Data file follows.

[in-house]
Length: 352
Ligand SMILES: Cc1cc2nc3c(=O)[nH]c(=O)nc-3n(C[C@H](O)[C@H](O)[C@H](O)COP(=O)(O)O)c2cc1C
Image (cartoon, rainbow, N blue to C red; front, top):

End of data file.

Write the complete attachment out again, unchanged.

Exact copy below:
[in-house]
Length: 352
Ligand SMILES: Cc1cc2nc3c(=O)[nH]c(=O)nc-3n(C[C@H](O)[C@H](O)[C@H](O)COP(=O)(O)O)c2cc1C
Image (cartoon, rainbow, N blue to C red; front, top):